Towards a Social Semiotic Approach of the Analysis of Emotion in Sound and Music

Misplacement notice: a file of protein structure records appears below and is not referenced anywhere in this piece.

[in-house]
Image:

AbstractThis paper explores the possibility of a social semiotic approach to popular music in order to document the voice qualities, melodies and instrumental sounds found in popular music using the case study of Michael Jackson’s ‘Billie Jean’. The paper explores how these semiotic features, as well as the lyrics, communicate and reveal something of the subjectivity, the emotional world, created by musicians. Here the analysis explores Jackson’s use of restricted pitch ranges, breathiness, melodic patterns and gentle disjunctive articulation showing how these help to communicate the ‘tension’, and ‘trouble’ in the song. Taking a social semiotic approach the paper identifies the underlying available repertoire of meanings available to musicians and shows how musicians can skilfully draws upon these.